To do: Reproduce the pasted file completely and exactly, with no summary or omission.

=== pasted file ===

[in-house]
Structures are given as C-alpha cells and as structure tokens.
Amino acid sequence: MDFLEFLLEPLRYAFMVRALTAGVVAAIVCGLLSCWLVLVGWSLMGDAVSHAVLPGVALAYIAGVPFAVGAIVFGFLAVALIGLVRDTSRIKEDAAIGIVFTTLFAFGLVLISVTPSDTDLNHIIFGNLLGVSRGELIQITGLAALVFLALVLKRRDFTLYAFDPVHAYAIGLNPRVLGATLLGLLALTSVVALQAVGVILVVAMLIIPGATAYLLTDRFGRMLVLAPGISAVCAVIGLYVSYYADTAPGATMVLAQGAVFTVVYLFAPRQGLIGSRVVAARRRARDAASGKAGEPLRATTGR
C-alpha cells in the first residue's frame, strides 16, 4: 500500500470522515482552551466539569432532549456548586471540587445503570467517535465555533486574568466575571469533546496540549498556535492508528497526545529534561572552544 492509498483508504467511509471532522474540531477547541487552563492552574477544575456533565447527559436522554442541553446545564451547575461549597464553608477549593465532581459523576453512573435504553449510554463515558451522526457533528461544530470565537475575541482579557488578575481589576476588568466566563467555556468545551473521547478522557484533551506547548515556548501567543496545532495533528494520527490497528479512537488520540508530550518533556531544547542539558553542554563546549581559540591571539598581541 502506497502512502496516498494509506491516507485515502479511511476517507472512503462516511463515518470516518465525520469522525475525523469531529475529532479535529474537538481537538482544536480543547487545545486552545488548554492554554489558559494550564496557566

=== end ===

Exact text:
[in-house]
Structures are given as C-alpha cells and as structure tokens.
Amino acid sequence: MDFLEFLLEPLRYAFMVRALTAGVVAAIVCGLLSCWLVLVGWSLMGDAVSHAVLPGVALAYIAGVPFAVGAIVFGFLAVALIGLVRDTSRIKEDAAIGIVFTTLFAFGLVLISVTPSDTDLNHIIFGNLLGVSRGELIQITGLAALVFLALVLKRRDFTLYAFDPVHAYAIGLNPRVLGATLLGLLALTSVVALQAVGVILVVAMLIIPGATAYLLTDRFGRMLVLAPGISAVCAVIGLYVSYYADTAPGATMVLAQGAVFTVVYLFAPRQGLIGSRVVAARRRARDAASGKAGEPLRATTGR
C-alpha cells in the first residue's frame, strides 16, 4: 500500500470522515482552551466539569432532549456548586471540587445503570467517535465555533486574568466575571469533546496540549498556535492508528497526545529534561572552544 492509498483508504467511509471532522474540531477547541487552563492552574477544575456533565447527559436522554442541553446545564451547575461549597464553608477549593465532581459523576453512573435504553449510554463515558451522526457533528461544530470565537475575541482579557488578575481589576476588568466566563467555556468545551473521547478522557484533551506547548515556548501567543496545532495533528494520527490497528479512537488520540508530550518533556531544547542539558553542554563546549581559540591571539598581541 502506497502512502496516498494509506491516507485515502479511511476517507472512503462516511463515518470516518465525520469522525475525523469531529475529532479535529474537538481537538482544536480543547487545545486552545488548554492554554489558559494550564496557566